- The Korean Playbook for COVID-19 (Translated) | by Indi Samarajiva | indica | Medium
- Age of Attention – SDr
- “A leverage point in avoiding toxoplasma, is the bridge people: people who are being rewarded for taking offense, and therefore select for the worst possible behavior of the outgroup. These people act as stressors, specifically triggering ideations of worst-case-scenarios. The fix here is removing these people from your feeds/circles of influence.”
(tags: toxoplasma internet rage social-networks)
The socials are a handy way to stay in touch with friends, find out about dancing events (if they’re ever allowed again) and to get information direct from experts. They’re also an unrelenting cesspool of trolls, bots and undesireables. What to do?
On my PC, FB Purity lets me filter on keyboards (I’ve chosen “trump” and “brexit”, as you can see). It can hide various types of update from your feed. I hide stuff like “Fred commented on this thing” (as FB friends sometimes like to argue with the undesirables), as well as adverts. You can also force the feed into chronological order rather than relying on Facebook’s algorithm to show you what it thinks you should see.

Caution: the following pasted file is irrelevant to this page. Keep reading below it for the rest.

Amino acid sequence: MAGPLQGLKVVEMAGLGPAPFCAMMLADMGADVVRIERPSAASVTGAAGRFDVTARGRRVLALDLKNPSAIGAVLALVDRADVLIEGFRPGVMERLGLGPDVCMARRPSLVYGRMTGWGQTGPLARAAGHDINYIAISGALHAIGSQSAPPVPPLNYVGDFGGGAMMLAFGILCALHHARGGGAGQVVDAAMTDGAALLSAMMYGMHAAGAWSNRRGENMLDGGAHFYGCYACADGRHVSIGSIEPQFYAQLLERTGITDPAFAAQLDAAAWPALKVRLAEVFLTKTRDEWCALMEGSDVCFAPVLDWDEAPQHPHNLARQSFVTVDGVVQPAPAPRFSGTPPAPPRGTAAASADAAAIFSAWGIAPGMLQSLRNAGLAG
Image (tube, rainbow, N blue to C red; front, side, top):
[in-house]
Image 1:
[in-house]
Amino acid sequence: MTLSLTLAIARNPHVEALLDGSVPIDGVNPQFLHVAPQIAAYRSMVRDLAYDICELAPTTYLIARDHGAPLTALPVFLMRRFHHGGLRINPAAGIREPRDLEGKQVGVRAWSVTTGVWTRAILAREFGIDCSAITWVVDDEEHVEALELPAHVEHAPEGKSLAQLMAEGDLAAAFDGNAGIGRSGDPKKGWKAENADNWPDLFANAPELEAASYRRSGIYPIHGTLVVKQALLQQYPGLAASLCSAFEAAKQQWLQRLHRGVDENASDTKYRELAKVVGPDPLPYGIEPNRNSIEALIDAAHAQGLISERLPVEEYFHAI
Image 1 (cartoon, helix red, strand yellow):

On my phone, I use Friendly for Facebook, which isn’t quite as good but does have the keyword filtering (“commented on” works as a filter) and, if you give them a donation, will also filter the adverts.
Tweak New Twitter gets rid of a lot of noise (like the “Trending” stuff and sponsored tweets). It can put retweets on separate page too. To use it on mobile, you’d need a mobile browser which lets you run extensions, Chrome on Android doesn’t.